Rio Salado College was recently named one of the Top Ten Digital Community Colleges in the nation by Converge magazine and e.Republic’s Center for Digital Education.
Rio Salado finished 10th in the category for large colleges (7,500+ students). As Maricopa Community College District’s online college, Rio Salado serves more than 60,000 students annually.
The survey recognized community colleges that offer exceptional technology support to students and education. It covered multiple areas in digital technology, including online registration, distance learning, tutoring and advisory services, technology training and social and collaborative capabilities.
Through Rio Salado, students have 24/7 access to several online services such as financial aid, tutoring, library, bookstore, help desk support, and RioLounge, the online student union.
“In addition, Rio Salado’s custom learning management system, RioLearn, offers students access to over 550 dynamic online courses most of which students can start every Monday,” said Edward Kelty, Vice President of Information Technology.
In the last year, Rio Salado has also increased its presence in the social networking world by creating Facebook and Twitter pages, where students and the general public can follow college news and connect with other fans.
“Our survey results show that community colleges are fast embracing cyber technologies and fostering collaboration in learning by using tools in which students are familiar,” said Marina Leight, Vice President of e.Republic’s Center for Digital Education. “The institutions chosen as this year’s top community colleges are exceptional examples of the investment in learning.”
Predicting Student Success
In other technology news, Rio Salado has developed a program that helps predict which students will succeed and which ones will not.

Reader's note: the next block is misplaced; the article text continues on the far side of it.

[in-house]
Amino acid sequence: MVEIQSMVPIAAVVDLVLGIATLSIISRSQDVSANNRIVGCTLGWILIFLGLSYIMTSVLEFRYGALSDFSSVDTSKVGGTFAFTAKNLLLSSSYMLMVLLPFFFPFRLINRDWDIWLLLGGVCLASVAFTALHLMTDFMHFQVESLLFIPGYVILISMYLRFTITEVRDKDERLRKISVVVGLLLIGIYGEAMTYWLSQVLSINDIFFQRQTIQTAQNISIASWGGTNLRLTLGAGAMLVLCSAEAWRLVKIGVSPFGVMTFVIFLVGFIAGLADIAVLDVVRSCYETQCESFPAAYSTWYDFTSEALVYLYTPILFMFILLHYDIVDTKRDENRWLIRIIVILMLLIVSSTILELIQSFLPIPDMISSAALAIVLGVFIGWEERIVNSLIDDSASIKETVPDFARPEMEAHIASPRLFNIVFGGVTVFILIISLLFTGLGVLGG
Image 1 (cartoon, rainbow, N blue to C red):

The “predictive modeling system,” one of only a handful in the nation, takes into account dozens of variables when calculating student success. They include: online behavior, grades, enrollment history, current enrollment status, financial aid status, advisement and demographics.
According to Adam Lange, a programmer analyst at Rio Salado College, the predictive modeling system has many benefits.
“One of the major benefits to predicting student success is that faculty and staff can assist at-risk students before it’s too late,” Lange said. “Our main goal is to find effective ways to help students succeed.”
Lange said the system can predict, with 70 percent accuracy, the probability of success, meaning how likely it is that a student will earn a “C” grade or higher in a given course.
Rio Salado is currently piloting the system, running it on the 8th day of class to estimate a student’s probability of success. If a student is identified to be at-risk, faculty and instructors intervene to provide assistance and guidance.
Lange said future plans include running the system prior to class start dates, giving front-line staff and advisors time to reach out to students, and building an automated alert system to notify students directly if they fall into an at-risk level.